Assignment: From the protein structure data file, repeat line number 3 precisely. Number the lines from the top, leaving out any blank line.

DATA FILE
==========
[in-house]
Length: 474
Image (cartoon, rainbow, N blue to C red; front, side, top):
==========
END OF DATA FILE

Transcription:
Image (cartoon, rainbow, N blue to C red; front, side, top):